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Coordinating Inventive and Innovative Decisions through Markets with Prices: A Experimental Study of Patent Markets with Transparent Prices



    () (Jönköping International Business School, KTH, George Mason University)


The patent system makes organized markets in patents with transparent prices possible. Such prices are here investigated as “signals” for inventors and innovators alike of valuable “technology areas”, in an experimental study. They inform decisions of specialized “firms” on allocation of resources for invention given a search space of induced technology values. The traditional hierarchical model of coordinating invention and innovation in a vertically integrated firm is replaced by coordination of these activities among specialized firms through a market with prices. The experimental study builds on a study focusing on price mechanisms with exogenous technology values to a study of an economic environment with “endogenous” technology values. The results suggest that coordination clearly takes place but differs considerably between the institutions and patent validity tested (a 3 x 2 design). As with the price study, demand-side bidding in both dimensions of the linear contract appears to yield the broadest search scope, and thus the best chances for the allocation of resources for invention. Multiple end-states are observed, especially for institutions with less demand-side bidding, indicating imprecise price signals for institutions similar to today’s personal exchange. Coordination with prices appears to increase the dynamic gains of the patent system through price information to reduce or better inform about the risk in investments in new technology.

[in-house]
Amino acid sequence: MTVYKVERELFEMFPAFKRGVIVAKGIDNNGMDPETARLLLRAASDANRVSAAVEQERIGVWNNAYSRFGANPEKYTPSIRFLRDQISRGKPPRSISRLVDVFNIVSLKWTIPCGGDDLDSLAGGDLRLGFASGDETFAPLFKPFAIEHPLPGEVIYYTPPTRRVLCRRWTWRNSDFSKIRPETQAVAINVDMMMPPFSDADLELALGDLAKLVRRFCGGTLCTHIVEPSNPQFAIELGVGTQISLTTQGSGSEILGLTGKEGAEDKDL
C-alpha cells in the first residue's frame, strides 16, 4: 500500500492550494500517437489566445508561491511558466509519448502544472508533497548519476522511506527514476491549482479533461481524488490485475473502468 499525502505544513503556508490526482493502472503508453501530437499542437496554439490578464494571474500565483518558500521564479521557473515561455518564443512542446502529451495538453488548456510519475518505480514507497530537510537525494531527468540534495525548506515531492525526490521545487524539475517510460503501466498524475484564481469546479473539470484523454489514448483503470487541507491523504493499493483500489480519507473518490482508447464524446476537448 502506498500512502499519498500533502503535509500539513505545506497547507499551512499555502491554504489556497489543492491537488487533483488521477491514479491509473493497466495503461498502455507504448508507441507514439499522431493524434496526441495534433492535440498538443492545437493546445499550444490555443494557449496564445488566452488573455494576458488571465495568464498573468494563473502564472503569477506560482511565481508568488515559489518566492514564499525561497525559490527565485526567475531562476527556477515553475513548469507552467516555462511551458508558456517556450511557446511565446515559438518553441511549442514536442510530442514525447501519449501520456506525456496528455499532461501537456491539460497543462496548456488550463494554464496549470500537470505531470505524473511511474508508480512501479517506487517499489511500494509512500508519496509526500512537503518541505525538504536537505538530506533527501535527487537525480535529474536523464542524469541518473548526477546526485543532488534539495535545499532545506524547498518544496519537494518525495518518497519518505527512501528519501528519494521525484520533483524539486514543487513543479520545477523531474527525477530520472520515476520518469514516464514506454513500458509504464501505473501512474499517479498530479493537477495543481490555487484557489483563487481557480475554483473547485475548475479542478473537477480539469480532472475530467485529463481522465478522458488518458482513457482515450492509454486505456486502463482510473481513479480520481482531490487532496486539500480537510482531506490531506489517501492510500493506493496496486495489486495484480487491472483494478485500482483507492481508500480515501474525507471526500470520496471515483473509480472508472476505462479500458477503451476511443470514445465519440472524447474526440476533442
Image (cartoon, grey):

Suggested Citation

  • Ullberg, Eskil, 2011. "Coordinating Inventive and Innovative Decisions through Markets with Prices: A Experimental Study of Patent Markets with Transparent Prices," JIBS Working Papers 2010-14, Jönköping International Business School.
  • Handle: RePEc:hhb:hjacfi:2010_014

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    References listed on IDEAS

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    Cited by:

    1. Engel, Christoph & Kleine, Marco, 2015. "Who is afraid of pirates? An experiment on the deterrence of innovation by imitation," Research Policy, Elsevier, vol. 44(1), pages 20-33.

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    JEL classification:

    • D02 - Microeconomics - - General - - - Institutions: Design, Formation, Operations, and Impact
    • D23 - Microeconomics - - Production and Organizations - - - Organizational Behavior; Transaction Costs; Property Rights
    • L14 - Industrial Organization - - Market Structure, Firm Strategy, and Market Performance - - - Transactional Relationships; Contracts and Reputation
    • L24 - Industrial Organization - - Firm Objectives, Organization, and Behavior - - - Contracting Out; Joint Ventures
    • O32 - Economic Development, Innovation, Technological Change, and Growth - - Innovation; Research and Development; Technological Change; Intellectual Property Rights - - - Management of Technological Innovation and R&D
    • O34 - Economic Development, Innovation, Technological Change, and Growth - - Innovation; Research and Development; Technological Change; Intellectual Property Rights - - - Intellectual Property and Intellectual Capital


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